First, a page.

By Mamadou Dem
The Truth, Reconciliation and Reparation Commission (TRRC), has arrived in Basse in the URR on the third day of their nationwide tour, to sensitise Gambians about the Commission and what it’s engagements will be, when established. Mrs. Fatou Jammeh-Touray, Governor of Upper River Region (URR) in her welcome remarks to the members of the delegation headed by the Minister of Justice, encouraged members of her community to be attentive and participate fully in the discussions.
Alhagie Amadou Kora of Basse, Upper River Region (URR), alleged that the previous regime headed by Yahya Jammeh did not accord protection to the citizenry because he failed to respect ‘‘our’’ rights as citizens.
Mr. Kora made this allegation at the ongoing countrywide consultative meeting in Basse, for the establishment of a Truth, Reconciliation and Reparation Commission (TRRC), organised and led by the Ministry of Justice in collaboration with UNDP.
However, he advised members of the community who are affected either directly or indirectly, to bear the pain, the loss and the injury, meted on them by the former regime.
On Privacy: Regarding private and sensitive information involving victims, some expressed concern as to whether they can disclose that information in public, particularly rape cases. The Minister however explained that the truth must come to light; that when the Commission commences sitting, hearings in camera would be considered for such victims.
Others were of the view that the commission should be one that would wipe the tears of victims especially those in rural settlements who were traumatized under Jammeh whilst others suggested for some people within the region to be selected to assist the commission including those knowledgeable in Sharia, as the ministry alone cannot do it.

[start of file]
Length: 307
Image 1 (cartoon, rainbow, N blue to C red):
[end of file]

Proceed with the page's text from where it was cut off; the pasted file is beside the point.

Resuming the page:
“The Commission should be established,” said Abubacarr Krubally in Basse. Mr. Krubally warned his colleges to be God fearing and desist from making untruthful allegations. He pointed out that the issue of a National Assembly Member losing his/her seat upon dismissal by the party, should be amended and a presidential term limit be included in the Constitution.
Lady Councillors for both Basse and Jimara intimated that they never thought Jammeh’s era will come to an end because of the stigma and discrimination meted on them.
According to her, some of the perpetrators are of the opinion that the commission is a joke and appealed to the minister to fast track the process and establish it as soon as possible.
Speaking earlier, Namory Trawally of the Gambia Press Union said the Commission is very important as it will probe into the activities committed by the former regime. “The Commission will investigate to know what exactly happened and come up with a solution,” he said.
He urged everyone to exchange ideas with the delegates for a better Gambia. He explained why the commission should be established, how it will operate and when they intend to commence sittings.
“Government wants to know the atrocities committed from July 1994 to December 2016 so that everything will become clear,” he explained.
“This will help government to know the right approach to take in the healing process. It will also help to know the number that disappeared, how they disappeared and when.”
Mr. Trawally concluded that the Commission will write a report after accomplishing their work and in the report they will advise the President based on their findings; that this will enable government to come up with policies to avoid future brutality in the country like that of the former regime of Jammeh.